Hints from Heloise: Jewelry cleaning on the fly
Dear Heloise >> I will often clean my jewelry while I’m watching a movie at home. I bought a jeweler’s shammy to do some polishing, but a couple of times, I couldn’t find it (my daughter was using it). So, I just took a little toothpaste, and with my finger, I gently rubbed the paste on the gold or silver pieces, then rinsed it with hot water from the tap. After that, I took a soft cloth and dried my pieces. Everything sparkled and looked clean and bright.
— Rhonda E., Fort Collins, Colorado
Dear Rhonda >> Yes, the toothpaste will do in a pinch, but don’t do it often, because toothpaste is usually a bit abrasive and can dull your jewelry over time. Also, avoid this method on softer gems such as pearls, opals or jades. When rinsing your jewelry with hot water after using the toothpaste, either plug the drain in the sink with the drain stopper so nothing goes down the drain by accident.
Dear Heloise >> Can I reuse a marinade? My sister says no, but it seems like such a waste to throw it out after only a single use.
— Nell K., Holland, Michigan
Dear Nell >> No, do not reuse the marinade. You must throw it out, as the risk of bacteria cross contaminating is always present. After all, you’re marinating raw meat, which already contains some bacteria that gets killed while it’s cooked over high heat. That same bacteria lingers in the marinade after you’ve used it.
Dear Heloise >> I have a very large family scattered over the U.S. A few years ago, I decided to create a “family newspaper” and let the rest of the clan know how things were going with various members. Some of the relatives would call, email or send a letter with family news. Everyone loves getting the family newsletter, which is printed on both sides on legal-sized paper. This way, we can stay informed of who had a baby, who joined the armed forces, who’s graduating from or starting college, and much more. I print this up and mail it out about twice a year.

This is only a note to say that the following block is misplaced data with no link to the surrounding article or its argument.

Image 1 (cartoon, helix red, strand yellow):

— Joan M., Easley, South Carolina
Dear Heloise >> One day, I had lost my house key, and it cost me $70 to get back inside. It was in the early evening, and the locksmith came quickly. But, I realized I needed to do something to stop this from happening again. I had two new keys made, one that I keep hidden in my garage, and the second one is attached to my dog’s collar, under his license tag. My dog will only allow a handful of other people to pet him, so if one of my friends needed to get inside for some reason, they could either get it out of the garage or unhook it from my dog’s collar.
— Connie L., Gilbert, Arizona
Dear Connie >> I have hidden keys as well. Only two other people know where they are, and these are people I trust because I know where their keys are hidden!
Write to Heloise
P.O. Box 795001, San Antonio, TX 78279-5000